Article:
2. Thank you for this witness of God’s humbling plan for our lives. Marriage is messy. Our vocations are anything but clear and consistent. Congratulations to you both!

  3. Nope. You make the celebrant steam clean your floors. Such dull left-brain activity causes the right brain to create inspiration like for instance where is the licence. Meanwhile you relax, see.

  4. Meridith, it is so true that it is healing to be with couples who put God first in their relationship and are then empowered to persevere together. On PFO this morning the Words of Wisdom advised: “To be ready at any moment to give up what you are for what you might become.” God bless you and Dan as you begin a new life together.

  5. I’m not sure, really, what makes the difference. My husband and I (married 37 years) have a group of long-married friends. Some have been divorced and some are now unmarried due to death or divorce, but all of the long term marriages have weathered, where children are concerned – yes, arrests, unexpected pregnancies, illnesses, school disasters, sexual preference surprises, and death. Plus job loss and adult illness, big time. I’m sure that divorce has been considered many times but, for whatever reason,these couples have been unlikely to see that as the solution to crisis.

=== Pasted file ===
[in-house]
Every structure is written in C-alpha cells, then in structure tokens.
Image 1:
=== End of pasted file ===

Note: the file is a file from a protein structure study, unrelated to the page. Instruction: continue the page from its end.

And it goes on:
As a family lawyer for many years, I often admired the courage and hope found in divorcing partners. But much more often, I wondered what it was that people imagined marriage to be, that they could set it aside over the trials and traumas of ordinary life.

    • I was blessed by a priest who, upon hearing my confession and pain about seeking a divorce said, “Do you have a good attorney?” Had he said, “the Church demands you to stay in abuse” I would’ve walked out and never come back. I’m sure others have, alas.

      • Well, yes. Words no divorce attorney wants to hear: “My pastor/priest says that I am obligated to submit . . . “.
        Often a departure from church is necessary before that kind of spiritual assault can be overcome.

    • Right on. I was married the first time thinking I was doing what was expected, after all, my family uplines were all married, right. I was expected to embroider and knit too but somehow managed to avoid those. Hmmm.
      Then I figured out after two marriages that this is a SACRAMENT, not just a lifestyle.

  6. I am so grateful for your sharing the journey towards your marriage, here and at your own blogsite. I do believe I am almost as excited about November 5th as you are, and for sure I will be thinking of you all that day. I will have been married thirty-two years in December. I hope we are like one of those couples you describe. Lots of precipices for sure. Still firmly teetering by the grace of God.

  7. You sound exactly like me right down to the two annulments. While I support and honour marriage as sacrament I prefer however to buy another writing notebook to investment in #3. The selection process for marriage (and notebook) is crucial.